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  • Ganchgaers
    Ganchgaers says #
    Wonderful season is spring. I like more that. March month is very tumultuous and given wonderful weather. Some of critical season

Posted by on in Culture Blogs
Birth of a Goddess

Sandro Botticelli's Birth of Venus (circa 1485) isn't just one of the most enduringly famous paintings in the world.

It's also a prophecy.

Even before the Old Paganisms were dead, the New Paganisms had already begun to arise.

The Old Pagans were Pagans-by-Tradition. In a sense, their paganism was unconscious; they didn't know that they were pagan. The New Pagans are Pagans-by-Choice. With full awareness of alternatives, they—we—nonetheless choose the Old Ways.

The emperor Julian (331-363) was raised Christian, but chose the Old Ways instead. In a sense, he was the first New Pagan. At the end of the Byzantine Era, the philosopher George (“Plêthon”) Gemistós (1355?-1452), also raised Christian, did the same. Several of his students were self-avowed pagans.

It was they who, after the fall of Constantinople, fled to Italy and, in so doing, sparked the self-conscious rePaganization of the West that we now call the Renaissance: the influx of Old Pagan learning, aesthetics, and values into the West, the process that was ultimately to break the power of the Church and to free the Western mind.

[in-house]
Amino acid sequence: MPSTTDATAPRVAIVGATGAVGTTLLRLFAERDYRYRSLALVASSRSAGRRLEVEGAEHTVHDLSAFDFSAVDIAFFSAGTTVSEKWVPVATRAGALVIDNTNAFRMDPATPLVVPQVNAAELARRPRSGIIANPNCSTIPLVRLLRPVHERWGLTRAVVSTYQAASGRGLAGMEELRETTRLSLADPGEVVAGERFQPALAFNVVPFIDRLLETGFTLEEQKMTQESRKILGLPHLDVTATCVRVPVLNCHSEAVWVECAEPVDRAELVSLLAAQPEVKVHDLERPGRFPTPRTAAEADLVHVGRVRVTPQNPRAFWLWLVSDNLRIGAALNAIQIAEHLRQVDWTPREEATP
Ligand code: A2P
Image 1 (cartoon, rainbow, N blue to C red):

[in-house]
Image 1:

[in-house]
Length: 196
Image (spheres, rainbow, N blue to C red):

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  • Jamie
    Jamie says #
    Mr. Posch, Thanks for mentioning Plethon! He was a hero and visionary, even if I didn't necessarily agree with all his ideas.

Posted by on in Paths Blogs
Ancient Minoan Clothing and Fashion

One of the subjects I'm asked about most often is what daily life was like in ancient Crete. I've written about Minoan food and cooking here and here. And I posted about Minoan cosmetics here, including do-it-yourself recipes. But one thing I haven't really talked about much is the clothes the Minoans wore.

I did write up some information about why women in Minoan art are shown with bare breasts - that one turns out to be my most popular post ever, probably thanks to the word "topless" in the title. But there's more to Minoan clothing than open-front tops, like the ones shown in the fresco at the top of this post (the Ladies in Blue fresco from Knossos). In fact, the Minoans were surprisingly fashion-conscious.

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Posted by on in SageWoman Blogs
Weekly Goddess Inspiration: Anuket

Springtime has come to North Texas, which means both swathes of bluebonnets along the highways and sometimes monsoon-like rainstorms. It's a far cry from the winter storms that are gripping my home Dakota prairies, but there are times when the torrents of rain make it hard to remember that long warm Spring days are coming. But any good Texan will also tell you that we welcome these days of rain, because they both stave off that first 100-degree day and help to alleviate the period severe droughts our beautiful state experiences. The memories of the droughts of 2008-2010 are still fresh with many of us, and the rains give us hope that we won't watch our state burn and suffer under the sun this summer.

Spring rains and floods have been seen as blessings in many cultures over history, with the Nile floods being the most well known. So I was happy to see Anuket, the personification of the Nile River herself, show up in my oracle reading this week.